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FOAF (an acronym of Friend of a friend) is a machine-readable ontology describing persons, their activities and their relations to other people and objects. Anyone can use FOAF to describe him- or herself. FOAF allows groups of people to describe social networks without the need for a centralised database.
FOAF is a descriptive vocabulary expressed using the Resource Description Framework (RDF) and the Web Ontology Language (OWL). Computers may use these FOAF profiles to find, for example, all people living in Europe, or to list all people both you and a friend of yours know. This is accomplished by defining relationships between people. Each profile has a unique identifier (such as the person's e-mail addresses, a Jabber ID, or a URI of the homepage or weblog of the person), which is used when defining these relationships.
The FOAF project, which defines and extends the vocabulary of a FOAF profile, was started in 2000 by Libby Miller and Dan Brickley. It can be considered the first Social Semantic Web application, in that it combines RDF technology with 'Social Web' concerns.
Tim Berners-Lee, in a 2007 essay, redefined the Semantic web concept into the Giant Global Graph, where relationships transcend networks and documents. He considers the GGG to be on equal ground with the Internet and the World Wide Web, stating that "I express my network in a FOAF file, and that is a start of the revolution."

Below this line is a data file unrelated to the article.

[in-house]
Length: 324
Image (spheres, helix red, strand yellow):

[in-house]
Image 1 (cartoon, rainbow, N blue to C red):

The WebID Protocol (formerly known as FOAF+SSL) is a decentralized secure authentication protocol that uses FOAF profile information as well as the SSL security layer available in virtually all modern web browsers. It was first presented  for the W3C Workshop on the Future of Social Networking in 2009. Contrary to the usual SSL usage patterns, it does not require the dedicated Certificate authority to perform the user authorization. Useful identities can be minted for users easily by authorities, but a FOAF-based web of trust connecting all the user's activity on the World Wide Web can then be established gradually, without formal key signing parties, to make the identity more trustworthy and hard for anyone (even the original issuing authority) to forge.
Although it is a relatively simple use-case and standard, FOAF has had limited adoption on the web. For example, the Live Journal and DeadJournal blogging sites support FOAF profiles for all their members, My Opera community supports FOAF profiles for members as well as groups, FOAF support is present on Identi.ca, FriendFeed, WordPress and TypePad services. Yandex blog search platform supports  search over FOAF profile information. Prominent client-side FOAF support is available in Safari web browser, in the Semantic Radar plugin for Firefox browser, and in the RDF Detective plugin for the Google Chrome browser.
The following FOAF profile (written in Turtle format) states that Jimmy Wales is the name of the person described here. His e-mail address, homepage and depiction are web resources, which means that each can be described using RDF as well. He has Wikimedia as an interest, and knows Angela Beesley (which is the name of a 'Person' resource).
The example shows PREFIX, but only "prefix" is acceptable Turtle syntax (upper case is produce by the wiki conversion of the text)!
@PREFIX rdf: <http://www.w3.org/1999/02/22-rdf-syntax-ns#> . @PREFIX rdfs: <http://www.w3.org/2000/01/rdf-schema#> . <#JW> a foaf:Person ; foaf:name "Jimmy Wales" ; foaf:mbox <mailto:firstname.lastname@example.org> ; foaf:homepage <http://www.jimmywales.com/> ; foaf:nick "Jimbo" ; foaf:depiction <http://www.jimmywales.com/aus_img_small.jpg> ; foaf:interest <http://www.wikimedia.org> ; foaf:knows [ a foaf:Person ; foaf:name "Angela Beesley" ] . <http://www.wikimedia.org> rdfs:label "Wikimedia" .